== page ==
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Woman sues gov't over 'right to deny paternity' only granted to husbands

KOBE -- A woman from Hyogo Prefecture and her family members sued the government on Aug. 24 at the Kobe District Court, claiming that the right granted only to husbands to deny their paternity of a child born to their wives is unconstitutional.

    In what is believed to be the first lawsuit in Japan over the constitutionality of the right to deny paternity that is only granted to the husband, a 60-year-old woman, her daughter and two grandchildren are demanding 550,000 yen each from the government.

    According to the complaint filed with the court and other sources, the woman submitted a birth notification of her daughter, whose biological father was her then partner, with the partner's name as the baby's father in 1986, after the divorce with her ex-husband was finalized. Since Article 772 of the Civil Code stipulates that "a child conceived by a wife during marriage shall be presumed to be the child of her husband," however, the birth notification was not accepted because the woman's daughter was presumed to be the ex-husband's child.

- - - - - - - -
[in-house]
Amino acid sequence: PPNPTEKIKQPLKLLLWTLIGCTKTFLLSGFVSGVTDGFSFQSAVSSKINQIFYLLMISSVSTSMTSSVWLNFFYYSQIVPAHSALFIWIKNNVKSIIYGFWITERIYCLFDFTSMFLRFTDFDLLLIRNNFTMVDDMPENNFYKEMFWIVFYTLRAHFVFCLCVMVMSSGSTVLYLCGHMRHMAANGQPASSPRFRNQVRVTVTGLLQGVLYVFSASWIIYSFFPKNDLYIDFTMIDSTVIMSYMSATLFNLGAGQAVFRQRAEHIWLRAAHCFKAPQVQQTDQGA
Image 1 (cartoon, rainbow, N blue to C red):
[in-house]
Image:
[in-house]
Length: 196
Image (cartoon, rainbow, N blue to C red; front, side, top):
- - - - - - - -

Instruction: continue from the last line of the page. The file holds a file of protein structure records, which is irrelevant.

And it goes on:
The woman then requested for court mediation to have the partner's paternity of her daughter recognized since women cannot file for the denial of their husbands' paternity. She subsequently decided to drop the case, however, after the judge told her that testimony from her ex-husband was necessary. She had separated from her ex-husband due to domestic violence and was worried that she and her family would be in danger if the ex-husband found out her whereabouts.

    Given such a background, the woman's daughter and her two grandchildren were left without a family registry. The woman claims that the system that only grants husbands the right to deny paternity of a child caused her family psychological pain due to such things as not being able to obtain passports.

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